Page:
“I was being held captive off the coast. I’m not sure for how long. However, a few days ago, guards rumbled about a new captive – an extraordinary girl from a city in the sky.”

Artemus crossed his arms.

“I’ve never heard of such a city.”

“It exists. This girl, Felicity, was sharp for her age. I was impressed. But beyond that, I sensed immense power within her. Surprisingly, her bloodline is rather peculiar. Her father was a druid, and her mother an oracle. Such a child hasn’t been born for 1,000 years.”

“What does that mean? Did she tell you this?”

“Yes, we first spoke in a dream. But my first conversations weren’t with the young girl you met. She was much older. A beautiful young woman in white robes.” Artemus’ thoughts wandered back to the lady in his dream.

Could the woman have been Felicity?

“How is that possible?”

“She must’ve wandered into my mind as a thought projection. Felicity can’t control her power. She was in a deep mist, and I helped her get out.”

Mordecai glanced at Artemus.

“It took me decades to hone my abilities in my astral body. Meanwhile, Felicity did it by accident! This new generation truly excites me.”

“We need to save her. Whatever it takes.”

Artemus continuously flipped his knife.

What would you do here, father?

Mordecai grinned.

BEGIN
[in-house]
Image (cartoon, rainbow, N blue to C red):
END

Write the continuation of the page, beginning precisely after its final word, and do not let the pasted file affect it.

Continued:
“I think you’ve been holding the key to winning the entire time.”

His grimoire glowed blue, rose from his lap, and floated in the air between them. A blank page opened, and Mordecai’s eyes glowed the same shade of blue.


Electricity burst from the pages straight toward him. Artemus reactively raised his blade in defense, causing the lightning to split in every direction and ignite the foliage around him.

He remained unharmed.

“That’s not an ordinary hunting knife, master Artemus. It is a short sword imbued with a spirit of protection. Whoever gave you that sword cares about you greatly.”


Xedho firmly grasped his torch as he approached the forest. He clutched the amulet around his neck.

“You better be alive.”

He carried an old quarterstaff on his back. It was his weapon of choice, given its superior reach and tidiness compared to swords.

He slowly crept forward. The acrid smoke stopped him. A bird darted past his face. He ducked. Three others followed in quick succession.

He slowly crept forward, feeling for level ground before picking up his pace. The acrid smell of smoke stopped him in his tracks. A bird darted past his face, causing him to duck. Followed by another, then a third, and a fourth in quick succession.

Xedho was quickly disoriented as all manner of creatures flew, ran, and crawled by him, escaping a nearby fire. Between the exodus of critters and thick black smoke, Xedho lost his torch and sense of direction. He stumbled backward several steps back before colliding with something rigid and warm. He slowly turned. Standing before him was a hooded man carrying a young girl on his shoulder.

“Sorry, friend. I -”